Hubei: The toll from China’s deadly coronavirus outbreak passed 1,000 on Tuesday after President Xi Jinping called for more “decisive” measures to tackle the outbreak in a rare visit to a Beijing hospital.
The Chinese president donned a face mask and had his temperature checked while visiting medical workers and patients affected by the deadly coronavirus that has killed at least 1,011 people.
The fatalities soared after hardest-hit Hubei province – the epicentre of the outbreak, reported another 103 deaths on Tuesday, the highest single-day toll since the virus emerged.
China removes two Hubei health officials
The two most senior health officials at the epicentre of China’s deadly virus outbreak have been sacked, state media said on Tuesday, as pressure mounts over the way local authorities have handled the epidemic.
Zhang Jin, the Communist Party boss of the provincial health commission in Hubei, and its director Liu Yingzi have been removed from their positions, reported state broadcaster CCTV, after a decision by the province’s party committee Monday.
Deputy director of China’s National Health Commission Wang Hesheng will take over the two roles, said CCTV.
‘Still very grave’
At a hospital treating infected patients in Beijing, Xi on Monday called the situation at the epicentre “still very grave” and “more decisive measures” to contain the spread of the virus, said state broadcaster CCTV.
Xi has largely kept out of the public eye since the virus outbreak spiralled across the country from Hubei province to infect more than 42,600 people.
He appointed Premier Li Keqiang to lead a group tackling the outbreak and it was Li who visited ground zero in Wuhan last month.
On Monday, Xi put on a blue mask and white surgical gown to meet doctors at Beijing Ditan hospital, observe the treatment of patients and speak via video link to doctors in Wuhan, state media said.
He then visited a residential community in central Beijing to “investigate and guide” efforts to contain the epidemic, said CCTV.
Video footage showed Xi having his temperature taken with an infrared thermometer then speaking with community workers and waving at smiling residents leaning out of apartment windows.
The outbreak has prompted unprecedented action by the Chinese government, including locking down entire cities in Hubei as well as cutting transport links nationwide, closing tourist attractions and telling hundreds of millions of people to stay indoors.
The sweeping measures have turned cities into ghost towns – but there were some signs of normality returning as many went back to work this week.
Roads in Beijing and the financial hub of Shanghai had significantly more traffic, while the southern city of Guangzhou said it would start to resume normal public transport.
However, many of those returning to work were uneasy.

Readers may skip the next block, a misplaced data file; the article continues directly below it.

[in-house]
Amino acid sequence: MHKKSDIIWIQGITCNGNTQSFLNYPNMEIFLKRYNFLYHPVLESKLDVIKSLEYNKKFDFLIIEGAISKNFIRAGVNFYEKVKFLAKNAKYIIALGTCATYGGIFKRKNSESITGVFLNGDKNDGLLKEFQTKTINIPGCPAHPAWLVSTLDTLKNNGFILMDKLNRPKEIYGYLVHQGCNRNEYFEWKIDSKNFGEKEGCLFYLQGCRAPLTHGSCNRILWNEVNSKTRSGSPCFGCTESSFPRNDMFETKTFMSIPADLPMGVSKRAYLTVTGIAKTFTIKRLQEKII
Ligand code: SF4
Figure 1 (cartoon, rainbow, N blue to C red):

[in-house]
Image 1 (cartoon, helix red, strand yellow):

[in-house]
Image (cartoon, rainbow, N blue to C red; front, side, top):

“Of course we’re worried,” said a 25-year-old man surnamed Li in a Beijing beauty salon that reopened Monday.
“When customers come in, we first take their temperature, then use disinfectant and ask them to wash their hands.”
The Shanghai government suggested staggered work schedules, avoiding group meals and keeping at least one metre away from colleagues.
Many were encouraged to work from home and some employers simply delayed opening for another week.
State media reported that passenger numbers on the Beijing subway were half that of a normal working day.
Large shopping malls in the capital were deserted and many banks closed.
One bank employee in Shanghai was heading to work for a half-day, with other workers due to take over in the afternoon.
The rest of the day he would work from home.
“It makes our work more difficult,” he told AFP.
Schools and universities across the country remained shut.
The toll has overtaken global fatalities in the 2002-03 SARS epidemic when China drew international condemnation for covering up cases, though Beijing has drawn praise from the World Health Organization this time.
An advance team for a WHO-led international expert mission on the virus arrived in China late Monday, headed by Bruce Aylward who oversaw the organisation’s 2014-2016 response to the Ebola epidemic in West Africa.
Ahead of the team’s arrival, WHO chief Tedros Adhanom Ghebreyesus warned there had been some “concerning instances” of cases overseas in people with no travel history to China.
“We may only be seeing the tip of the iceberg,” he tweeted.
Aboard the quarantined Diamond Princess cruise ship moored off Japan, another 65 people were diagnosed with novel coronavirus, the health ministry said, bringing the total number of known infections on the ship to 135.
The Diamond Princess has been in quarantine since arriving off the Japanese coast early last week after the virus was detected in a former passenger who disembarked last month in Hong Kong.
Beyond Asia, Britain recorded a doubling of cases to eight, and the government warned the outbreak of novel coronavirus was a “serious and imminent threat”.
And US President Donald Trump said he expected the outbreak would disappear in April due to hotter weather, despite top US health officials warning against commenting on the epidemic’s trajectory.